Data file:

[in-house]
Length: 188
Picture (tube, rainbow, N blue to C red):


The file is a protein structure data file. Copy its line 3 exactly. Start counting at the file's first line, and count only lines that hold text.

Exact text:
Picture (tube, rainbow, N blue to C red):